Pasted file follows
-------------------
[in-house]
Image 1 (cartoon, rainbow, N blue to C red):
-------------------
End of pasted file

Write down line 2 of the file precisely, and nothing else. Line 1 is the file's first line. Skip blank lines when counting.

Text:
Image 1 (cartoon, rainbow, N blue to C red):